The ovary is an important source of testosterone. Testosterone production decreases as a woman gets older. This decline is age-related rather than directly related to the menopause and production has often halved as a woman reaches her mid-40s and continues to decline further thereafter. Decreased testosterone production is linked with loss of libido and poor energy levels in some women although the ovary continues to produce it after menopause but in smaller amounts. Some women may benefit from the addition of topical testosterone, in addition to their oestrogen/ progesterone regimen, to improve these symptoms. It is not always required and is discontinued if no improvement is reported.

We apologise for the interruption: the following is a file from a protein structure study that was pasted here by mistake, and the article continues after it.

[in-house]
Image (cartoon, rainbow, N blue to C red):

The amount of testosterone that’s used is a much smaller dose than that of male testosterone replacement although it remains off-licence for this purpose. A blood test is necessary during treatment to ensure that levels don’t increase above normal limits. The main potential side-effect of treatment is localised hair growth which is often avoided by changing the site where the gel or cream is applied. As the dose is so low, testosterone used in this way does not increase the risk of developing facial hair, skin changes or a deepening of the voice.
Women who have had their ovaries surgically removed often benefit from the addition of testosterone replacement as there is a sudden drop in testosterone production after surgery, although a small amount of testosterone continues to be produced in the adrenal glands.